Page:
Pediatric Cancer is the leading cause of death for youth ages 0-19 in which 1 out of 10 youth afflicted by cancer will die from the disease and/or it's treatment. For those that survive, cancer and it's treatment has a long-term effect on the growth and development of the child, as well as increasing the likelihood of other chronic illnesses. Cancer is a decided source of stress to the youth experiencing cancer firsthand, but it also has a long-term impact on the caregiver, who must struggle with adjusting and responding to the changing needs of all family members. Several studies have documented the considerable impact that caregiving has on caregiver quality of life (QOL). Family caregivers experience increased symptoms of depression, anxiety, psychosomatic symptoms, restrictions of roles and activities, strain in marital relationships, and diminished physical health. FGP provides financial, emotional, and social supports for the caregivers of children with cancer. Financial support is provided through gas and grocery gift cards, bill payment, an emergency financial fund, AAA roadside assistance membership, home-made meals, and much more. Emotional support is provided through our monthly support groups, lead volunteers, and mentoring program. Social support helps our families keep connected with their community through our community care packages, community service projects, and family events.

FGP has demonstrated it's ability to serve the changing needs of families facing pediatric cancer since 2012 with the support of our caring community and cadre of compassionate volunteers. Our program has adapted over the prior decade from only serving those actively receiving treatment to those in remission and also those who have lost a child to cancer. At each point, we have worked with our families, supporters, and volunteers to identify new needs and/or roadblocks to accessing services so that we can constantly improve the programs that FGP provides to families. Even during the pandemic, FGP was able to adapt in-person services to still meet the financial, social, and emotional needs of those that we serve. Additionally, our Heart of Gold Campaign for businesses and schools has helped to raise awareness in the community about pediatric cancer and to build a support network for these families at their places of employment and where their children attend school.

How we listen

SOURCE: Self-reported by organization

Seeking feedback from people served makes programs more responsive and effective. Here’s how this organization is listening.

done We shared information about our current feedback practices.
  • How is your organization using feedback from the people you serve?

    To identify and remedy poor client service experiences, To identify bright spots and enhance positive service experiences, To inform the development of new programs/projects, To identify where we are less inclusive or equitable across demographic groups, To strengthen relationships with the people we serve, To understand people's needs and how we can help them achieve their goals

  • Which of the following feedback practices does your organization routinely carry out?

    We collect feedback from the people we serve at least annually, We aim to collect feedback from as many people we serve as possible, We take steps to ensure people feel comfortable being honest with us, We look for patterns in feedback based on people’s interactions with us (e.g., site, frequency of service, etc.), We engage the people who provide feedback in looking for ways we can improve in response, We act on the feedback we receive, We share the feedback we received with the people we serve, We tell the people who gave us feedback how we acted on their feedback, We ask the people who gave us feedback how well they think we responded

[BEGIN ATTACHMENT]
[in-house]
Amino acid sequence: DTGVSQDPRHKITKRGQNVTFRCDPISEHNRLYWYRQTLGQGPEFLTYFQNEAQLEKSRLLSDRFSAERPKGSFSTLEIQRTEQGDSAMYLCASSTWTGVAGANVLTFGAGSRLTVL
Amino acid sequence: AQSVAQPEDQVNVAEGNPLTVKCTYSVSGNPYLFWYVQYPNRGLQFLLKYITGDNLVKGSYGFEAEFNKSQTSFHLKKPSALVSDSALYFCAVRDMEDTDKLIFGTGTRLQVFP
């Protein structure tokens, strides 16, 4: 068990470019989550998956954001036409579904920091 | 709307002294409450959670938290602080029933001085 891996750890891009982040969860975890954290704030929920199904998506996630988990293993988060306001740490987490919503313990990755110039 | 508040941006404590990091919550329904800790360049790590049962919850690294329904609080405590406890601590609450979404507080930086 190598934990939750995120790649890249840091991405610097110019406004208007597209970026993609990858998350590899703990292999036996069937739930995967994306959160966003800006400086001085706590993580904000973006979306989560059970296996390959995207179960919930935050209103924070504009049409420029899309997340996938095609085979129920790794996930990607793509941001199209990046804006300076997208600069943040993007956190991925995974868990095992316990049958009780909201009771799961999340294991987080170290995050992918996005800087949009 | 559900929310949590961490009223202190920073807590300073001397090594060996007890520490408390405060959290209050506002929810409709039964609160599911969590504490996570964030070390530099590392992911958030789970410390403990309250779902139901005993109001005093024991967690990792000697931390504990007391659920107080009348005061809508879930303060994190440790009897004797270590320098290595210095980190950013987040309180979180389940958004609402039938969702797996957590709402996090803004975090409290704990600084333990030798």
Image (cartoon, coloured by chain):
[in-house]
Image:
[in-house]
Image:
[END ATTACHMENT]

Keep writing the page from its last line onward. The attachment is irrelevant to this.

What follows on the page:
• What challenges does the organization face when collecting feedback?

    We don't have any major challenges to collecting feedback

Financials

Fairy Godmother Project
Fiscal year: Jan 01 - Dec 31

Revenue vs. expenses:  breakdown

SOURCE: IRS Form 990 info
NET GAIN/LOSS:    in 
Note: When component data are not available, the graph displays the total Revenue and/or Expense values.

Liquidity in 2022 info

SOURCE: IRS Form 990

46.50

Average of 100.86 over 10 years

Months of cash in 2022 info

SOURCE: IRS Form 990

24.5

Average of 23.2 over 10 years

Fringe rate in 2022 info

SOURCE: IRS Form 990

8%

Average of 12% over 10 years

Funding sources info

Source: IRS Form 990

Assets & liabilities info

Source: IRS Form 990

Financial data

SOURCE: IRS Form 990

Fairy Godmother Project

Revenue & expenses

Fiscal Year: Jan 01 - Dec 31

SOURCE: IRS Form 990 info

Fiscal year ending: cloud_download Download Data

Fairy Godmother Project

Balance sheet

Fiscal Year: Jan 01 - Dec 31

SOURCE: IRS Form 990 info

The balance sheet gives a snapshot of the financial health of an organization at a particular point in time. An organization's total assets should generally exceed its total liabilities, or it cannot survive long, but the types of assets and liabilities must also be considered. For instance, an organization's current assets (cash, receivables, securities, etc.) should be sufficient to cover its current liabilities (payables, deferred revenue, current year loan, and note payments). Otherwise, the organization may face solvency problems. On the other hand, an organization whose cash and equivalents greatly exceed its current liabilities might not be putting its money to best use.

Fiscal year ending: cloud_download Download Data

Fairy Godmother Project

Financial trends analysis Glossary & formula definitions

Fiscal Year: Jan 01 - Dec 31

SOURCE: IRS Form 990 info

This snapshot of Fairy Godmother Project’s financial trends applies Nonprofit Finance Fund® analysis to data hosted by GuideStar. While it highlights the data that matter most, remember that context is key – numbers only tell part of any story.

Created in partnership with

Business model indicators

Profitability info 2018 2019 2020 2021 2022
Unrestricted surplus (deficit) before depreciation $100,621 $131,421 $51,663 $86,730 $49,854
As % of expenses 39.8% 45.0% 19.6% 27.6% 13.0%
Unrestricted surplus (deficit) after depreciation $98,618 $129,366 $50,484 $86,730 $49,854
As % of expenses 38.7% 44.0% 19.1% 27.6% 13.0%
Revenue composition info
Total revenue (unrestricted & restricted) $382,853 $414,593 $316,720 $381,783 $418,259